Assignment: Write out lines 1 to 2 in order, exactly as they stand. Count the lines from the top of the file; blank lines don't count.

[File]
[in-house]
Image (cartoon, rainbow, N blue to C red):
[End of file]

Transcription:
[in-house]
Image (cartoon, rainbow, N blue to C red):